Who is the Neon Demon in "The Neon Demon"?
It's a fair question, as the latest from Danish filmmaker Nicolas Winding Refn is purposefully ambiguous as to whether the entity of the title is a specific person or being or maybe instead the hunger for fame and its flashbulb shine of glamour and beauty. Or perhaps it is that indefinable, ineffable "it" some people possess — or even the city of Los Angeles itself.
During production of the film in spring of last year, as the sun set over a ramshackle motel on the outer edges of Pasadena, costar Keanu Reeves laughed at the question.
"We're all the Neon Demon," he responded with the kind of mock seriousness only Reeves can summon.
The film finds Refn, 45, returning to Los Angeles for the first time since the unexpected success of his 2011 romantic crime drama "Drive." Yet rather than the wounded machismo of Refn's previous films — he has worked with an enviable list of actors including Ryan Gosling, Mads Mikkelsen and Tom Hardy — "The Neon Demon" explores a world populated chiefly by women.
"For a couple of years I had wanted to make a movie about women," Refn said. "And I didn't know how to approach it. And then I became interested in beauty. I have a very beautiful family, a beautiful wife and beautiful children. And it's the only stock that's never gone down, it's only gone up.
"And the currency of it is at such a premium, but the longevity is so limited," he added. "So I thought what would happen if that currency disappeared. You would have insanity."
In the film, a young model named Jesse (Elle Fanning) arrives in Los Angeles with dreams of stardom. She makes her way through many doors and past many obstacles, including Christina Hendricks as a gatekeeping agent, Alessandro Nivola as a powerful fashion designer and Reeves as a predatory motel manager.
Jesse meets a make-up artist, Ruby (Jena Malone), who introduces her to models Gigi and Sarah (Bella Heathcote and Abbey Lee) and the four of them are soon locked in a cycle of ambition, desire and jealousy that also becomes a catalyst for occult mysticism, necrophilia and cannibalism. Things can get pretty crazy in the big city.
To create the stylish look and glamorous feel of "The Neon Demon," which pulses with an unsettling grubbiness prowling at the edges, Refn worked with his frequent collaborators, composer Cliff Martinez and editor Matthew Newman, and for the first time with cinematographer Natasha Braier. In Refn's hands, a fashion show becomes a psychedelic invocation and a seedy motel room a locus for spiritual transformation.
Rather than use the success of the lean "Drive" to launch into large-scale Hollywood filmmaking, Refn has kept his budgets low and crews small, working with a nimble footprint. In part this is because of his preference to shoot in chronological order as closely as possible so that the story can more easily evolve as it goes.
"It's not really expensive to shoot in chronological order," said Refn of his preferred production methods. "It's more like a mindset and you have to write with that in mind and you have to address production with that in mind. 'Drive' was shot mostly the same way as well. So it's not a money thing, it's more that things will change.
"And of course that's about trust," he continued. "You can do this with any movie but you have to accept that you can't predict the outcome. And that of course is very scary if you have $100 million invested and not $5 million."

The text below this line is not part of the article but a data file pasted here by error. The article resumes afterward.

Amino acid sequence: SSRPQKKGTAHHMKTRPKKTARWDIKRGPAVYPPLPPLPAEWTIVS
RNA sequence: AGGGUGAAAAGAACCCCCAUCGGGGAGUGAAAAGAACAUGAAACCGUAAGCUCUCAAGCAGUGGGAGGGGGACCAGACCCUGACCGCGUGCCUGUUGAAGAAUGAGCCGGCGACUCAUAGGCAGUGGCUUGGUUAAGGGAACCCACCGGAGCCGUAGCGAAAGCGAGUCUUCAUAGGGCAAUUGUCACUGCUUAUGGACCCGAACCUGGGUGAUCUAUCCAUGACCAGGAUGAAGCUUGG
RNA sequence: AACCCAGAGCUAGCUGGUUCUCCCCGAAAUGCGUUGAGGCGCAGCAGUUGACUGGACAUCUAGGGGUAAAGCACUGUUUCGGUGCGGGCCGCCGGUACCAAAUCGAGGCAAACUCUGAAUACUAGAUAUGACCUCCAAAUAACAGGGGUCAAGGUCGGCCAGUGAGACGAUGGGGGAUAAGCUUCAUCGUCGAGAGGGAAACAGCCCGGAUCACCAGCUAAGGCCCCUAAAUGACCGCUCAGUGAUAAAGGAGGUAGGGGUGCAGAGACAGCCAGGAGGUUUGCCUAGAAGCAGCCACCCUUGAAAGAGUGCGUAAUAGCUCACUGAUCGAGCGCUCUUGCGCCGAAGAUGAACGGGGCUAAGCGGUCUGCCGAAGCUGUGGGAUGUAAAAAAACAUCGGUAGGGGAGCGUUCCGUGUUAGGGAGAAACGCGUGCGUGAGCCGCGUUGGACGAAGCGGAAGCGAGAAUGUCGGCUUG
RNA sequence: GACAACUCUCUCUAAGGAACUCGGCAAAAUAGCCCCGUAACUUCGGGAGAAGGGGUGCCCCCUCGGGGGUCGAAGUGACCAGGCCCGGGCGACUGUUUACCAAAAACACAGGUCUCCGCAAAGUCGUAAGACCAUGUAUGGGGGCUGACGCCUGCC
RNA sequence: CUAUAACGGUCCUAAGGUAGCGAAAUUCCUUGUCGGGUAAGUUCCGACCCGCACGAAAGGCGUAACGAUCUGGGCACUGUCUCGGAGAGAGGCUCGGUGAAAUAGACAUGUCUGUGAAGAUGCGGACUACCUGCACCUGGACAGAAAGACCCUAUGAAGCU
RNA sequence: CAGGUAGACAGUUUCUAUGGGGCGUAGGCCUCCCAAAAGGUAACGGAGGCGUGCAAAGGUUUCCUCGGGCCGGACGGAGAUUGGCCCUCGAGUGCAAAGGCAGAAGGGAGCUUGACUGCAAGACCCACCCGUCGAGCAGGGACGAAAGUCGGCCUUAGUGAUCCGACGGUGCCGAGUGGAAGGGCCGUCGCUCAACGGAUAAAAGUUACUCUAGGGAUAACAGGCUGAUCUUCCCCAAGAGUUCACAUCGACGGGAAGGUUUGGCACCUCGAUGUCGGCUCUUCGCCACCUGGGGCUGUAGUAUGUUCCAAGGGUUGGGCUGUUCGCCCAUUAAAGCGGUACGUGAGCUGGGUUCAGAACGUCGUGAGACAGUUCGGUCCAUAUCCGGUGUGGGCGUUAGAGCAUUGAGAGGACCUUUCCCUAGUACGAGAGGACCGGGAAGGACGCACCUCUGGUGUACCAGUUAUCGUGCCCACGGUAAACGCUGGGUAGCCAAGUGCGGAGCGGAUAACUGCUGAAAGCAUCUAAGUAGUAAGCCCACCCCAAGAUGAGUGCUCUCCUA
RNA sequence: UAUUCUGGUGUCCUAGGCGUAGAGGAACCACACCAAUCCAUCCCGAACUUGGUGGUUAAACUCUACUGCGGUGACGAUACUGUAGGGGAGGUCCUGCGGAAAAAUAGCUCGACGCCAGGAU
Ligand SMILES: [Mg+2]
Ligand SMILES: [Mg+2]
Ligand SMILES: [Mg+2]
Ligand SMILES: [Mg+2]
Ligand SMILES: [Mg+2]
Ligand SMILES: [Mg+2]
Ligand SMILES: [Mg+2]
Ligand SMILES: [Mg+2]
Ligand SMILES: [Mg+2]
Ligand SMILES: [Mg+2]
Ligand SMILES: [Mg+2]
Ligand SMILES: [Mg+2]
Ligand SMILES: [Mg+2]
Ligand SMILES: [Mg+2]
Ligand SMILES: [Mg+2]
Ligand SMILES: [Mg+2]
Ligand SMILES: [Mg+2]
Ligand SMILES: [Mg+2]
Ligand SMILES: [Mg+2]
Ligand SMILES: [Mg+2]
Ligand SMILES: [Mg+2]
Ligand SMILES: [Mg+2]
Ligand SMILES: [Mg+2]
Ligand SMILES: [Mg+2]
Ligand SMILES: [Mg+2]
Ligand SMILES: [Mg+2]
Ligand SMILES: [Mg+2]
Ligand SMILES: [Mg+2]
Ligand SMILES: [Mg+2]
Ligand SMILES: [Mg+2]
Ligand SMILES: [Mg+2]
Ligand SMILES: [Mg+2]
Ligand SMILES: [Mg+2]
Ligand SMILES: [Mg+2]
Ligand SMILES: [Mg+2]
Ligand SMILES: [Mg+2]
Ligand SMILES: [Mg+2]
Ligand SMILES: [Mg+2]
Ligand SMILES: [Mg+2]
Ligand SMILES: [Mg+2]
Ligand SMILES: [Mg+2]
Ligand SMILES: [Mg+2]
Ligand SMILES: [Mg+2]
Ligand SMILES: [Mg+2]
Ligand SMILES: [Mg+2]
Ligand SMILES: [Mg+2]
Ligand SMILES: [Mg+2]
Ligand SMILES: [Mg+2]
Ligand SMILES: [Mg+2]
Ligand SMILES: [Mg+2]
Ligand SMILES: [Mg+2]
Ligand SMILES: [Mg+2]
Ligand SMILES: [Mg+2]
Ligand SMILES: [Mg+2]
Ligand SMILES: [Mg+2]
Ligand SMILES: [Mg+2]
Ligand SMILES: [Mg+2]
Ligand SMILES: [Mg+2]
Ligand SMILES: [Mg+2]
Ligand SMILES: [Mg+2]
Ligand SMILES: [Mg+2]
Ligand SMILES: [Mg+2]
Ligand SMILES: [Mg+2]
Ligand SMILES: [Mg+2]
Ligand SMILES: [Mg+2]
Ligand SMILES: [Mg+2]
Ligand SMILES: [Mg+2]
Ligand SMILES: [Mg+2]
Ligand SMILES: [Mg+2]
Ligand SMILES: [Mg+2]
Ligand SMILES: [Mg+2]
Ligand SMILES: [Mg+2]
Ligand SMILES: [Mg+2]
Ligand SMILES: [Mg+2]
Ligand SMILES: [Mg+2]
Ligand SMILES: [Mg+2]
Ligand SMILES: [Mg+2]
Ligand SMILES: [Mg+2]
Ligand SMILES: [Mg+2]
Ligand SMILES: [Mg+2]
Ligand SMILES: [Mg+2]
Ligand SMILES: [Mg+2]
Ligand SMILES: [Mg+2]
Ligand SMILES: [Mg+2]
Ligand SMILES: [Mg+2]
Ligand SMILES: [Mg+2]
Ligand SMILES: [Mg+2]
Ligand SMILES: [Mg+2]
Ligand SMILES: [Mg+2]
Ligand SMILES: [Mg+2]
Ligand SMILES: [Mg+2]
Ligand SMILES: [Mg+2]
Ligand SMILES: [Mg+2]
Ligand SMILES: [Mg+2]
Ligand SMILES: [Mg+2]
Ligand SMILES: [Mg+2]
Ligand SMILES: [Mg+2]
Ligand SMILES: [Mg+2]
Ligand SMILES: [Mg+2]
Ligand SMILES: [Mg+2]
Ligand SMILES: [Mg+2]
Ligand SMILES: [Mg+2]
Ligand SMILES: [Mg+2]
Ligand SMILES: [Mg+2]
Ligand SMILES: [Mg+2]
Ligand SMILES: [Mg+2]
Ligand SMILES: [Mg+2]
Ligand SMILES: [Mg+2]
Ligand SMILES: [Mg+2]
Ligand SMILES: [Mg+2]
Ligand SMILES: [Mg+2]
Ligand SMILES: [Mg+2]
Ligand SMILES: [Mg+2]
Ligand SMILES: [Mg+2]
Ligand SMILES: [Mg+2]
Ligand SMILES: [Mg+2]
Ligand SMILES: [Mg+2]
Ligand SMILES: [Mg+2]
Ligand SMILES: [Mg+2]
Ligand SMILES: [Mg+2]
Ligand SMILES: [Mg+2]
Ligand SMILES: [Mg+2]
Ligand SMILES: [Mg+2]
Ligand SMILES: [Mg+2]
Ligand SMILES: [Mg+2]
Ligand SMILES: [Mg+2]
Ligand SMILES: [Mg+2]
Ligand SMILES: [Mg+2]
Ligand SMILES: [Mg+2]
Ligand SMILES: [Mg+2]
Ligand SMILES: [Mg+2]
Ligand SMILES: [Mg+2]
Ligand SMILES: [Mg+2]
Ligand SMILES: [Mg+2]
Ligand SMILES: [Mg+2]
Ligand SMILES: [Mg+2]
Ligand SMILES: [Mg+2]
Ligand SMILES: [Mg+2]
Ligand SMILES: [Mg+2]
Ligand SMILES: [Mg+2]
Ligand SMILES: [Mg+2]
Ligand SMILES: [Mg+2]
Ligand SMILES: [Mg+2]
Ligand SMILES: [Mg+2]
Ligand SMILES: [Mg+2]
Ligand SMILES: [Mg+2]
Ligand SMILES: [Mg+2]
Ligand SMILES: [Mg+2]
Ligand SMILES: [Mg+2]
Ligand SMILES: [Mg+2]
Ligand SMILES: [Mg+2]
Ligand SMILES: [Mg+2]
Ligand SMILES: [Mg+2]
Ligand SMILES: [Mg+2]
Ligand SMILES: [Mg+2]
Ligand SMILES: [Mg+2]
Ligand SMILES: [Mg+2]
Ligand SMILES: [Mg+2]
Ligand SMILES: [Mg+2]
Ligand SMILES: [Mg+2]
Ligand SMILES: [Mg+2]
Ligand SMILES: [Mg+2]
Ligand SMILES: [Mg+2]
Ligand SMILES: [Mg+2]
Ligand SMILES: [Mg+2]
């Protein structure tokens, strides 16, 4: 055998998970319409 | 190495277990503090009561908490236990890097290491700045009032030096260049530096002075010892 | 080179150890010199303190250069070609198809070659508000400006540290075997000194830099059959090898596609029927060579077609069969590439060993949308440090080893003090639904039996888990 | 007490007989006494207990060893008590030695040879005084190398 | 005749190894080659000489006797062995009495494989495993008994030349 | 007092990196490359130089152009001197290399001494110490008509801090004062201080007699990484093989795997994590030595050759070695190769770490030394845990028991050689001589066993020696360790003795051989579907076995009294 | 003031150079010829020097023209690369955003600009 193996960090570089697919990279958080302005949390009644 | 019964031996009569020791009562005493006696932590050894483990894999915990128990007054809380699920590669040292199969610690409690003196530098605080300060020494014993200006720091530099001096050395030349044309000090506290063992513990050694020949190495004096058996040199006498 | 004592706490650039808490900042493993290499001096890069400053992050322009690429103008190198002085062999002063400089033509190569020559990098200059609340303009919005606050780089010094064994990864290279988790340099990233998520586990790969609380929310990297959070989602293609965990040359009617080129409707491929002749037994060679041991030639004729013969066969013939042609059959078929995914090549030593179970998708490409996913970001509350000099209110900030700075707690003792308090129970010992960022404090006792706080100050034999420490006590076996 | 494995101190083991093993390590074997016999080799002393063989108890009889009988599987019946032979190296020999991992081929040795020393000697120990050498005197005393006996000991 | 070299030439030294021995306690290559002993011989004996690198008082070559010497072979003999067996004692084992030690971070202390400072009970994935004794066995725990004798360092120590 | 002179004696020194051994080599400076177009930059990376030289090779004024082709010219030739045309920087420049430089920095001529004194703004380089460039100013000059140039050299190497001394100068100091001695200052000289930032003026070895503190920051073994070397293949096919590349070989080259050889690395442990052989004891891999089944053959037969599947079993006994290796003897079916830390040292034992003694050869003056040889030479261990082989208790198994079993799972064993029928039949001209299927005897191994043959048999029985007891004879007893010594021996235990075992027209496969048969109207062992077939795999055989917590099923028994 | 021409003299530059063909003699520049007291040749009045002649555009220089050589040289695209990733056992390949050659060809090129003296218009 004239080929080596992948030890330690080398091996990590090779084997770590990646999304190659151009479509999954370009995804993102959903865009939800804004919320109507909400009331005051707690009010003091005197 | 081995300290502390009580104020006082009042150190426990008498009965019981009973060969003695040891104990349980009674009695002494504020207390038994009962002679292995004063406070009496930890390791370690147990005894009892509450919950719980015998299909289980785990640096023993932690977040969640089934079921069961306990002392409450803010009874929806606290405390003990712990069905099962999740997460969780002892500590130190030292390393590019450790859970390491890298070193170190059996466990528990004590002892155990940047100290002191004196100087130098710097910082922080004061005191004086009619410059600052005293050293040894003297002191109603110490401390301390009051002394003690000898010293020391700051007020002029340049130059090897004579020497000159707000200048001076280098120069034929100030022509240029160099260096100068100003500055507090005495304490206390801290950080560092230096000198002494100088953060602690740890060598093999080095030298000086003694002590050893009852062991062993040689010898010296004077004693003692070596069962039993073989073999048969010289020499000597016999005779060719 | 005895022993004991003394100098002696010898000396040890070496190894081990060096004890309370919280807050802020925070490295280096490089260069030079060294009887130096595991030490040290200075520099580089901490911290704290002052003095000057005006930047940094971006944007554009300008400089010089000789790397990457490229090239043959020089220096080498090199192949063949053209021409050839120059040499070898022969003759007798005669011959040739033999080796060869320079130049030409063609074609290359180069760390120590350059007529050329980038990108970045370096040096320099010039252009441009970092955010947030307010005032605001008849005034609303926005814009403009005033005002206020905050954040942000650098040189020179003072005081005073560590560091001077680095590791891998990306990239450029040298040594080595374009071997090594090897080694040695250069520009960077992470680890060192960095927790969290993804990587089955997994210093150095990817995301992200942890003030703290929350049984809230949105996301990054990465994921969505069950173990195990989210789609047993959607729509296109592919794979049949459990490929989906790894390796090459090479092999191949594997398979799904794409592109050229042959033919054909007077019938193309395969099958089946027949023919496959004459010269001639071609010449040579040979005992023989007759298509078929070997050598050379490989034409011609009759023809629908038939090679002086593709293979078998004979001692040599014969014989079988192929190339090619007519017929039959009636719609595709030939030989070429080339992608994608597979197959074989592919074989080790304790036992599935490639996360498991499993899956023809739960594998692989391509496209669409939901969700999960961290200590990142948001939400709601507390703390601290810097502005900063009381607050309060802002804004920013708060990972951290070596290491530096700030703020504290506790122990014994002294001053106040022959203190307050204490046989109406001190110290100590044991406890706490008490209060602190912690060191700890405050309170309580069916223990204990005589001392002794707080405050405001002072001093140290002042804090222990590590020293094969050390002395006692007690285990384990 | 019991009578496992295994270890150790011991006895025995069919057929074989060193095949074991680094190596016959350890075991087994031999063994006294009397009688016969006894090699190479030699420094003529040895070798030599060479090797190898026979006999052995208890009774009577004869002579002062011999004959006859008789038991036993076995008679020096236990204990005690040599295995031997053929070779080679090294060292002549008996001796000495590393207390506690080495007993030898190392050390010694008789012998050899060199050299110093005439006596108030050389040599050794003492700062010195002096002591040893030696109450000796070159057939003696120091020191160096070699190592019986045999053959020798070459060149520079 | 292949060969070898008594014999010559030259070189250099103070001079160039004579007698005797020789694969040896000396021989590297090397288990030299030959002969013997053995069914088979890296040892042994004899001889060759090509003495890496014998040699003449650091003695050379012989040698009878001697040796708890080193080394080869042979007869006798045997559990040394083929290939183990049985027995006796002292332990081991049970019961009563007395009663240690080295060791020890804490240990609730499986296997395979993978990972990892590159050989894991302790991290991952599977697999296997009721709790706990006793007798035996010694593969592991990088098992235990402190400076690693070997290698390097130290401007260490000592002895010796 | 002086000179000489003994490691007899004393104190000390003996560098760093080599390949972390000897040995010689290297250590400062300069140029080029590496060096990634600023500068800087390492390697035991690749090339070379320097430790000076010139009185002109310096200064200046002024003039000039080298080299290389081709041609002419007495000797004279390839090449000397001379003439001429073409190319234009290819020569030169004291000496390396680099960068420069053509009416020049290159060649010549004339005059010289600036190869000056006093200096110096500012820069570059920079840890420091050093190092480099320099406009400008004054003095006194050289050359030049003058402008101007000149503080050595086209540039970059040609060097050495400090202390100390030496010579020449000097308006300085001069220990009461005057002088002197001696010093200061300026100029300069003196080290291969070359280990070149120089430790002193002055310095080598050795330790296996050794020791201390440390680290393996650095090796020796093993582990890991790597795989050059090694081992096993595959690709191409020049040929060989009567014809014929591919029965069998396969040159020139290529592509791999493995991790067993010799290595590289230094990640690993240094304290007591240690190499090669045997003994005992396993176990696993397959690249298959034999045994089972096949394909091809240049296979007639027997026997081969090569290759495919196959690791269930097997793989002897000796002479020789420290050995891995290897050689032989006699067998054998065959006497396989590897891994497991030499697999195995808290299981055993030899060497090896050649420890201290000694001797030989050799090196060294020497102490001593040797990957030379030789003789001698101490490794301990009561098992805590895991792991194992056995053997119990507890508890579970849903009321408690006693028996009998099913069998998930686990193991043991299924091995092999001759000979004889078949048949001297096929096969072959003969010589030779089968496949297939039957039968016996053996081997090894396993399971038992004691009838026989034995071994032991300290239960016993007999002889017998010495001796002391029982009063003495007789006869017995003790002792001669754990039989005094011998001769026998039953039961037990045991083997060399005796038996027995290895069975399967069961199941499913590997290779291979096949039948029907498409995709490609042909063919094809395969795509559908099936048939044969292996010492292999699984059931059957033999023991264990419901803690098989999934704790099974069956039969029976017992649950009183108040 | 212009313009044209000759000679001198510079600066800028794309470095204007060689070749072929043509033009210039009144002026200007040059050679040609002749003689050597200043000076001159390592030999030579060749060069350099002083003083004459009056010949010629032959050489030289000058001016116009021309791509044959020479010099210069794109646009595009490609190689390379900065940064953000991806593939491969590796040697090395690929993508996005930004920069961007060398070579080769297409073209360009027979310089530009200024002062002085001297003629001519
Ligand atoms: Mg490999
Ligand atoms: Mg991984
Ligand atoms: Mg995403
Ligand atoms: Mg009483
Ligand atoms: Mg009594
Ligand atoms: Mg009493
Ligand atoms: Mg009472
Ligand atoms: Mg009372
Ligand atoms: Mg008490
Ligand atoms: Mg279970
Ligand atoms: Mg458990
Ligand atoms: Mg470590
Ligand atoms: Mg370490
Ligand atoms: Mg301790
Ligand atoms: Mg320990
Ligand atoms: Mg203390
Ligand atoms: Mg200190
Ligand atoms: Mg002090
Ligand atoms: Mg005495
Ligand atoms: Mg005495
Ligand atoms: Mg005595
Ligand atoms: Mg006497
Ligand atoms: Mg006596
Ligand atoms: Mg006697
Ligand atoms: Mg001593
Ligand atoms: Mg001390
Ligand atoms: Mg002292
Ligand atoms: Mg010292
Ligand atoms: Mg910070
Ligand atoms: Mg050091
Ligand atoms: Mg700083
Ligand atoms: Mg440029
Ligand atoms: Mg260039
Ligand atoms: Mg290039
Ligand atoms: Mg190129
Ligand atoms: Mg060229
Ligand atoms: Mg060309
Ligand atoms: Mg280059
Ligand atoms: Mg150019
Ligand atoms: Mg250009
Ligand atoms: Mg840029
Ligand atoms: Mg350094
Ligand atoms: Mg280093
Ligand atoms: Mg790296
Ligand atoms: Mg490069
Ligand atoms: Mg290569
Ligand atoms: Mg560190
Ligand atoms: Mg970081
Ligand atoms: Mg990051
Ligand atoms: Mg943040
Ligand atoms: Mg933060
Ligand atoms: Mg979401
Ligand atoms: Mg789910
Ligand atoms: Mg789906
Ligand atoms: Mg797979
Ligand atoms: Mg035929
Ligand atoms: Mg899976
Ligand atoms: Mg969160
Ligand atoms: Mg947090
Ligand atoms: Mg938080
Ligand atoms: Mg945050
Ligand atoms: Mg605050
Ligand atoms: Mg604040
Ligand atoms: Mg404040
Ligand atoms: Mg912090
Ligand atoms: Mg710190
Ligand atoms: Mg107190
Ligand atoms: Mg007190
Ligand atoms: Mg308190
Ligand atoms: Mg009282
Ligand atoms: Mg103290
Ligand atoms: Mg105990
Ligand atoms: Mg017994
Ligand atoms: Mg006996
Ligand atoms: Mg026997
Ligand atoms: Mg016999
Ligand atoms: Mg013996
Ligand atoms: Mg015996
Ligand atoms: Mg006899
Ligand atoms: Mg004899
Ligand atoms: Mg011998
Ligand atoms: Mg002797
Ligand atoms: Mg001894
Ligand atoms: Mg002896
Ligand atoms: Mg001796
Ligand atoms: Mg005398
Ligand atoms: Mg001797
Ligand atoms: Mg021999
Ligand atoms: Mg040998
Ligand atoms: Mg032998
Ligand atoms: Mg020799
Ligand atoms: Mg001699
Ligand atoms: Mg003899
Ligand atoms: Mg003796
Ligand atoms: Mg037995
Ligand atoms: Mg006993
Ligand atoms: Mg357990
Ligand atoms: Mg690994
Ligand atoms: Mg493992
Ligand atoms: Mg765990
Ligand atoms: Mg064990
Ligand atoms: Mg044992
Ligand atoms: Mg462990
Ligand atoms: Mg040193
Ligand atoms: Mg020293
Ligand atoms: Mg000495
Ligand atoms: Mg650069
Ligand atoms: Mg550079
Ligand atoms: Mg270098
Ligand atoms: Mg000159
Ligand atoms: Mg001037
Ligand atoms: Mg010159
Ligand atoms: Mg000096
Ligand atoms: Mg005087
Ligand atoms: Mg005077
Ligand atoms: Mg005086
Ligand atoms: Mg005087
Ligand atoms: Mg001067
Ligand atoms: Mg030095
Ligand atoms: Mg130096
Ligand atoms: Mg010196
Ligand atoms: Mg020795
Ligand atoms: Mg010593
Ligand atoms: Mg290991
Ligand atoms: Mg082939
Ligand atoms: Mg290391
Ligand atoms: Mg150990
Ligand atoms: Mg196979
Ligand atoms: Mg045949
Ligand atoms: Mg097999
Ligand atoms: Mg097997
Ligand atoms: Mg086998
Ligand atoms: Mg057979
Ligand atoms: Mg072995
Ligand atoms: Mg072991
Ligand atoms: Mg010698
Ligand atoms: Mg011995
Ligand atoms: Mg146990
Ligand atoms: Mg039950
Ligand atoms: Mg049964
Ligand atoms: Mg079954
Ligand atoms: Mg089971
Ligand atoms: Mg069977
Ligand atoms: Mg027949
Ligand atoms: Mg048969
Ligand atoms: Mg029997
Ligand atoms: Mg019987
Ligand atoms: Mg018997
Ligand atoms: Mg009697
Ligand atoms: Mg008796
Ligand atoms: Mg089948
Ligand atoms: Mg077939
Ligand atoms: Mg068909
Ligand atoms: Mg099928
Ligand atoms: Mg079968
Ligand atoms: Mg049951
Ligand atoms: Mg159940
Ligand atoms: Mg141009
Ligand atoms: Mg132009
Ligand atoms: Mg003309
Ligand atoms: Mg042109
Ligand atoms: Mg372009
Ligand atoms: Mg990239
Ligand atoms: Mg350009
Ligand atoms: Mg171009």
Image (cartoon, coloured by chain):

Night had fully fallen as the film was in production somewhere in Pasadena, and the crew was working to prepare for a few setups around a staircase that led from a parking lot to the balcony of second story doorways. Refn bounded down the stairs dressed in navy Bermuda shorts, a white, loose button-down shirt and a pair of slip-on Tom's shoes. Tied around his midsection was the "power blanket" he ceremonially wears while shooting. Refn is completely in his element, all but relishing the air of creative uncertainty that permeated the set — enjoying the fact no one could, at this point in production, exactly explain the story.
"I don't really want to know how it's going to turn out," he said. "I'm more interested in the process. That's the creativity, the process of doing it with your collaborators."
Refn sets the mood by playing music from his phone between takes — at the moment it's Bauhaus' spooky classic "Bela Lugosi's' Dead." After Fanning goes through a few takes of what will turn out to be a key moment in the film, as Jesse is beginning to really come into herself and declares as such to a hanger-on photographer played by Karl Glusman, Refn gives her some adjustments. From take to take her line readings become both dreamier and more focused, gaining a somnambulant snap that underlines Jesse's growing power.
As the camera crew changes position, Fanning, in a glam get-up of low-cut sequined top and skin-tight pants, takes a moment to describe the ambiguous tension between her character's innocent exterior and manipulative behavior.
"There's always an undertow of mystery to her," she said. "I describe her as like a spirit, like a ghost that comes in and she's very dangerous, she messes with all the people around her. She's either toxin or the antidote."
Indeed, Refn's uniquely intuitive filmmaking has unleashed a dark power in "The Neon Demon" that even the people who made the movie are still in the process of figuring out. The filmmaker noted a connection between masculine and feminine symbology in a scene that only came to him as he was watching a technical projection check the morning before the L.A. premiere.
"It's like we were all possessed and the story was telling us how to arrange it," Fanning said. "Even though you make the film and you know what it's about, you don't necessarily know what it's about. I'm never had a film I've done that I watched and didn't just go, 'Oh, that's the story.'
"But this is not that. It's something else."